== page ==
How to: Photograph a Solar Eclipse

We have an annular eclipse coming up as well as the “North American” eclipse in April 2024. The following how-to applies to any solar eclipse, not just the ones noted. It also applies to anytime you wish to photograph the Sun. The Sun is a wonderful object to photograph, eclipse or not.

Safety. Safety. Safety

Did I say safety? This should be the most important aspect of photographing the Sun. Do not be nonchalant about eye protection and camera protection. The damage will be permanent. Photographing the Sun without a filter will destroy the camera sensor. Looking at the Sun without eye protection will damage your eyes. It can cause blindness.

Use eye protection that is rated with ISO 12312-2 standard. This is a worldwide specific standard that denotes they are solar filters and protect your eyes. Only specific eclipse glasses with this standard should be used. Here’s an example.

Use a solar filter for your camera. DO NOT use a drop in filter or any kind of clip in filter. The lens will magnify the intensity of the Sun before it even hits the filter. The filter should be placed on the end of the lens. If a telescope solar filter is used, put a piece of gaffer tape around the filter where it lies against the lens to prevent any gaps or potential of anything removing the filter. I find the glass filters are the best. There are mylar film types but these can become dangerous if the coating is creased or cut.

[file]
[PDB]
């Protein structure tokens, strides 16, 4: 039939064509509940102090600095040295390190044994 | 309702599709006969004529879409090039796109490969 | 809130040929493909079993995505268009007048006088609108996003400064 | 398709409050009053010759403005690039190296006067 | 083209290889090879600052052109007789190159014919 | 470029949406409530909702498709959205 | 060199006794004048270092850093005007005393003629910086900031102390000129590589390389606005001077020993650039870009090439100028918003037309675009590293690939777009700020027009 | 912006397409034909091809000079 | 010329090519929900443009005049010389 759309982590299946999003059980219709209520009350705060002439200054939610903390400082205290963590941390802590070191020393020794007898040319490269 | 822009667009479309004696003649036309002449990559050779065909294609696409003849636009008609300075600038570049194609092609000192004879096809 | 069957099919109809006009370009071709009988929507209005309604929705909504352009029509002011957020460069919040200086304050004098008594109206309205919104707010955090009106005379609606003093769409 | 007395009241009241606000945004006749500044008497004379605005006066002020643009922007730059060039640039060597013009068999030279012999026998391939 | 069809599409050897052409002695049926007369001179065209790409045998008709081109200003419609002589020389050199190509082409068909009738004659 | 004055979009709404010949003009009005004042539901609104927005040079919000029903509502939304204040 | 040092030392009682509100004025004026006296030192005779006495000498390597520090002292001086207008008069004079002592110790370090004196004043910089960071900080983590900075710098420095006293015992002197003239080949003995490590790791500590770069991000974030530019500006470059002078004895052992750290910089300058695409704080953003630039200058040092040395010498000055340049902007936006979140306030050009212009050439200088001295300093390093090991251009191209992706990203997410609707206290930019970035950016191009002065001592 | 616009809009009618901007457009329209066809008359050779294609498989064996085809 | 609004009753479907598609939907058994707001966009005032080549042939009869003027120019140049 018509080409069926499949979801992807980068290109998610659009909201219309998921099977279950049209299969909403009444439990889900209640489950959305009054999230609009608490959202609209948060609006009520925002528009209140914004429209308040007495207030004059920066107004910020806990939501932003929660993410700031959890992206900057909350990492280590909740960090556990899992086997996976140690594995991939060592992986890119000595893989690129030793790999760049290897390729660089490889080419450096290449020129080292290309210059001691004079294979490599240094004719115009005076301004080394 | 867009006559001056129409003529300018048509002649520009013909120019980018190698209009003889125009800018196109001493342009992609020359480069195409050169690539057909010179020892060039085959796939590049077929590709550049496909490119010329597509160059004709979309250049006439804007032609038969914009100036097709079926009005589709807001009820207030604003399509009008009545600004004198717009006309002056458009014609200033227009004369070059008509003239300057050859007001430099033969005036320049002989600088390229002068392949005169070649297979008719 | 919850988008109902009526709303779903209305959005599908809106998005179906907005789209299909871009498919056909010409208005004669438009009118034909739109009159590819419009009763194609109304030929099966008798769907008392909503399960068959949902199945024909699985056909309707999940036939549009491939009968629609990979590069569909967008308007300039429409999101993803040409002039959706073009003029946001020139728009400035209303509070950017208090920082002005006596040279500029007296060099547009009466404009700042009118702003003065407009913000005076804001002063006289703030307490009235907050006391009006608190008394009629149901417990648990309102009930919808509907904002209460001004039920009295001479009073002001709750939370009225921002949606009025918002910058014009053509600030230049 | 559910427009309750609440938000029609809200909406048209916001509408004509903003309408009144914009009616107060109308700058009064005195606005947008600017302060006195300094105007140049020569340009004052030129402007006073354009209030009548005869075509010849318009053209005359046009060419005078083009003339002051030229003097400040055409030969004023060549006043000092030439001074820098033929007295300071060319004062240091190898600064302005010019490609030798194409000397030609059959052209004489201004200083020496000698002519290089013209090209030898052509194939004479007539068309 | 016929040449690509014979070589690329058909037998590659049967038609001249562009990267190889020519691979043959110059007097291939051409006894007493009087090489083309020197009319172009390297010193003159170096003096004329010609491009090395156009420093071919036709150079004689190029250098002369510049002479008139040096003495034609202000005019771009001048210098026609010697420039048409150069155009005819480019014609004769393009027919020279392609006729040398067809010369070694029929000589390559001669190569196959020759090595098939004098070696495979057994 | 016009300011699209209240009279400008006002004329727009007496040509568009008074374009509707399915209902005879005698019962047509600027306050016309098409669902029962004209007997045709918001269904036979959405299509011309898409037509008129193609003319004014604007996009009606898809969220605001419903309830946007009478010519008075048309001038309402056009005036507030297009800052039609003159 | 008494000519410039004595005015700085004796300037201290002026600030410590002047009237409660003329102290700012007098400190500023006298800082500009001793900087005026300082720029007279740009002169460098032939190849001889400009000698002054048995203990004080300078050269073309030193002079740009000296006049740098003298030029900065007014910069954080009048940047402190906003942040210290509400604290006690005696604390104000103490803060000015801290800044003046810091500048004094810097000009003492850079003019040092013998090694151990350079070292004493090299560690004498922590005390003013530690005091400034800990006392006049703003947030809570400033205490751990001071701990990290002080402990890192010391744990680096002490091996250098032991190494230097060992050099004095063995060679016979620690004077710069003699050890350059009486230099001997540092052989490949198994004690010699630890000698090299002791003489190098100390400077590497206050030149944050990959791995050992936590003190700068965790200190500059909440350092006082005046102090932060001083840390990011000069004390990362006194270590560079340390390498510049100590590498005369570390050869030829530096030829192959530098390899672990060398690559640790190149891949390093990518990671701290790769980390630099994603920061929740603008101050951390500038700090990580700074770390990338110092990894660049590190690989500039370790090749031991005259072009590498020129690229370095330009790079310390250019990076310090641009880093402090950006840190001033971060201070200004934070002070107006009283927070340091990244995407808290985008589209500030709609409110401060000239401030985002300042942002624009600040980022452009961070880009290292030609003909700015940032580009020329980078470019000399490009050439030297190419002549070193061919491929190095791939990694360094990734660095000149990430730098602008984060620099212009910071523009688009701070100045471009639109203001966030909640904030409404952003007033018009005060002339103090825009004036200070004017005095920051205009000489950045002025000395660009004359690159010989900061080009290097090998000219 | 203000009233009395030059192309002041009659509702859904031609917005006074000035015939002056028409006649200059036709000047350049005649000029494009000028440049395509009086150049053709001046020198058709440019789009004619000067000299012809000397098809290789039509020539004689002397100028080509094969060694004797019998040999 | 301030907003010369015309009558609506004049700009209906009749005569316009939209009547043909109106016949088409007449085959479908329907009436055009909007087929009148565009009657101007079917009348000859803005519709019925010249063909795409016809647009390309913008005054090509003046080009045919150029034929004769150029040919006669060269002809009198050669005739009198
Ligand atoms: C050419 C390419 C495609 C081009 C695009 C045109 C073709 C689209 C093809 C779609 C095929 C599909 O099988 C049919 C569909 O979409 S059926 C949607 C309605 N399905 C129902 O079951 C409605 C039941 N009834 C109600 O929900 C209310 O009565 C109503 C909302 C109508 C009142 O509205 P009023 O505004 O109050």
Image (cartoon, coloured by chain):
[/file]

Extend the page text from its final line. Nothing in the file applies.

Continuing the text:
Below, a Hoya screw in solar filter.

Below, a telescope solar filter. This can be used on a telephoto lens as well. Be sure to secure it with gaffer tape.


Use live view to focus and view the Sun. Avoid using the viewfinder so you can further protect your eyes.

Use a super telephoto lens. If the Sun is low enough on the horizon you can incorporate an interesting foreground object and put the lens compression to work which will give you a super large Sun, like the Moon rise shot below, when the eclipse is reaching or has reached totality. The greater distance from the foreground object, the large the Sun/Moon appears. Use an app like PlanIt! or PhotoPills to help plan the shot.

Use a tripod. A shutter release or shutter delay is helpful to prevent camera shake. With high power telephoto lenses, the slightest movement is magnified.

If you have a tracker, it is a perfect tool to use to track our closest star. Trackers eliminate the constant adjustment needed since the Sun moves so fast and quickly goes out of the frame. I will be using my Benro Polaris for the upcoming eclipses.

NOTE: Focus on the Sun after you place the filter on the camera. Yes, sounds like common sense but I’ve seen people try to point the camera and adjust focus before the filter is on out of sheer habit.


  • Use manual mode
  • Set your focus to manual.
  • Use vibration reduction.
  • ISO 100
  • Set the aperture at f/5.6 to f/8
  • Shutter speed ~ 1/320 second
  • If you are experiencing camera shake, increase the ISO and shutter speed.

Watch your exposure and adjust your settings accordingly during the duration of the eclipse.

Check the times for the start of the eclipse and plan on being setup to shoot at least 30 minutes beforehand.

Below, from the 2017 Annular Eclipse.

An eclipse can be photographed even with substantial clouds. Below, an eclipse from 2021.

Experiencing and photographing an eclipse, be it lunar or solar, is a magical experience.

© Silvana Della Camera

To learn about upcoming workshops and tips on photography, consider subscribing to my website.

Taking photos and want to make them more compelling?

Art isn’t just for walls. Art is also to hold in one’s hands.

Want to explore New England through a camera lens?

0 replies

Leave a Reply

Want to join the discussion?
Feel free to contribute!

Leave a Reply

Your email address will not be published. Required fields are marked *